Going ice fishing, and taking the pooch along? Practice safety first

To many of us, our dogs are family, and it’s only natural to include our canine companions on outdoor adventures.

My dog likes to go where I go and I like to have her with me. She’s not much of a hunter, but likes to go fishing, rides along with me on my trapline, loves to go camping or just on road trips with me to the store.

With some ice fishing options left, bringing Bowser along for company could be tempting, but also dangerous. A fun activity for you can turn hazardous for a pet. If leaving poochy at home is not an option, at least heed these tips.

Make sure your dog stays warm. An outdoor dog will likely be okay, but for a canine not conditioned to being exposed to the cold for hours on end, consider a warming vest. Neoprene is ideal since it’s waterproof, and picking one with extra flotation will help keep the dog afloat should it fall through a pressure ridge, thin ice, or go in an open pocket.

Keep its paws free of ice. Iced-up paws can hurt a dog and make it hard for it to walk. My dog is short-haired, but I’ve owned others with “hairy toes” that would easily ball up. Consider boots – Iditarod racers often boot their winter-tough dogs.

Take along a pad or blanket, too, for the dog to stand or lie on, whether in a shelter or when fishing outdoors.

If you are in a shelter or shanty, keep a watchful eye on the dog. Keep it away from ice holes so a paw doesn’t slip in and watch for a wild tail wagging too close to the heater. Also, because of dog’s curious nature, be cautious with baited lures and hooks. Colorful and smelly lures can grab a mischievous dog’s attention. Keep lures tucked away in your gear both on the ice and in your vehicle.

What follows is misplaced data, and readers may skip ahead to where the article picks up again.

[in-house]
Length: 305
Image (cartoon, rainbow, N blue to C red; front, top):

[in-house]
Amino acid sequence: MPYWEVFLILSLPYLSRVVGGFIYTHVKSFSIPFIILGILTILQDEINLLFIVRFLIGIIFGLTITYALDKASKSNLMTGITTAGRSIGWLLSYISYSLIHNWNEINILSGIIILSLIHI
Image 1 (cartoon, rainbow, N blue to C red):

Keep it leashed. Even if Ol’ Yeller is typically well-behaved, the ice is a new and exciting place. The best dogs sometimes ignore verbal commands, so leashing it is good for its safety and is a courtesy to other anglers. A dog allowed to run on the ice away from its owner has a greater likelihood of falling through a pressure ridge, thin ice or into an open section of water.

If the worst does happen and your dog falls through the ice and can’t get out, don’t attempt to rescue it alone. You are at risk of falling through the ice, too. Find help quickly, preferably a search-and-rescue team that has experience and proper equipment for ice rescues.

Categories: Michigan – Mike Schoonveld

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